Lat/longitude coords are approximate, from TopoZone.
The following information from John DukeAccess points:
Put-in at the public access parking lot at the Route 220 bridge
Take-out at the public river access near the Trough General store
Although not a true whitewater run this is a beautiful stretch of river! I highly recommend this run when the upper canyons (Hopeville, Smokehole, and Moorefield)are too low.
The first five miles are rolling farmland until a railroad bridge bridge is passed. Then 1000 foot walls converge to form "THE TROUGH" for the next 6 miles.
There are many primative campsites on river right inside the trough, but get there early the best get taken FAST.
Accommodations: Many Motels in Moorefield and Romney
Fishing: Great fishing for bass,catfish and carp..
E-mail me! with any questions
was on the river this weekend it was a very nice trip.i think everyone should try this one for the veiw and great fishing.small lures works great for small mouth and rock bass.....good luck
Ran the trough for the first time on 05/29/2011 at 4.25' on the Springfield, WV gauge and you couldn't have asked for better water conditions. The whitewater between the Rte. 220 bridge in Old Fields and the railroad bridge was a ton of fun despite being a straight-forward affair. As to the (3 year old) comment below about tubing, you could easily tube from Old Fields down to the un-official put-in/take-out at the RR bridge at lower water levels, there were quite a few people putting in on tubes pool rafts at Old Fields as we embarked. The ledge just before the RR bridge looks like it would make a nice park-n-play spot for those with sportier kayaks than our 10' rec boats at a 4' or above river level.
Absolutely beautiful scenery once you're in the trough itself. Saw countless butterflies, tons of birds, and even two bald eagles.
I was just wondering if it was possible to tube this section of the river, for having just a float trip?---Answer: I would think that that should be possible, when the water is not too high, but it might be a very long day.--RF
Robert Farmer---This is a very pretty section of wild river. Okay, so "the Trough" doesn't sound so spectacular, but it's a sarcastic term of endearment, I guess, like the way that some rock climbers refer to Yosemite valley as "the Ditch." I paddled it May 31-June 1, 2008 at a level of 2.5 at Moorefield. I highly recommend putting on from underneath the Route 220 bridge if you're putting in during a torrential rain storm, as I did. Otherwise, the first few miles have little scenic value, but perhaps some wildlife. It's popular with fishermen. There is an alternative put-in downstream on river right, which is more-or-less right at the top of the Trough. However, I put on at the 220 bridge, and my total time on the water was only 3 1/4 hours, so it's a short trip if you don't do the whole thing. I saw about 3 eagles, or one eagle 3 times, or some combination thereof. There were about 16 vultures soaring, a cardinal, a bat who flew directly over me and scared the insects away, a tourist train that watched me run some waves, and a very nice campsite. The water was a beautiful clear green until the rain washed some dirty brown farmers' fields into the river, and then the river stunk of manure and fertilizer. I think the erosion made it harder for the eagles to catch fish, due to the muddy water. They were calling repeatedly from the tree directly above my camp, and I sensed that they didn't appreciate the disgusting brown water and were expressing their displeasure. There were also several nice rock formations. There are no tributaries for filling one's water bottle, so bring plenty to drink. Apparently, the torrential rain for the first hour or so was a blessing, because otherwise the river might have been crowded on the weekend. The Trough General Store rents canoes and runs shuttles, so I guess it can get pretty crazy at times. People often drift it in rowboats, apparently. Despite the fact that this was the easiest river trip that I've done, I enjoyed it quite a bit. I recommend it highly.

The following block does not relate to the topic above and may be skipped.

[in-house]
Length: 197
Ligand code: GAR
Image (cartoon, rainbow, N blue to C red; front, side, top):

1.8 is what I consider a bare minimum.at this level you will have to push your boat through a few shallows!
Permits are not required for this reach.
We have no additional detail on this route.
Use the map below to calculate how
to arrive to the main town from your zipcode.
Exit the trough
Train in the Canyon
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Get your groove on baby! This year Gauley Fest is a 60’s themed event to celebrate the 50th Anniversary of the Wild and Scenic Rivers Act. To memorialize that historic event we are flashing back to another era for a 60’s throwdown. Started in 1983 to celebrate the derailment of a hydro-electric project that would have disrupted the flows on the Gauley River, Gauley Fest has grown to become the largest paddling festival in the world.
American Whitewater received the following open letter to boaters from the rangers and staff of the Gauley River National Recreation Area. This letter will keep you up to date on important management actions of the National Park Service on the Gauley River. Enjoy your paddling season on this classic whitewater river. As in past years, American Whitewater has leased the field above Masons Branch, also known as the Legg field, for overflow parking.
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